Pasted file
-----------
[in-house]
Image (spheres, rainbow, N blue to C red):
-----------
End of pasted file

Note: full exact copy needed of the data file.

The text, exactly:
[in-house]
Image (spheres, rainbow, N blue to C red):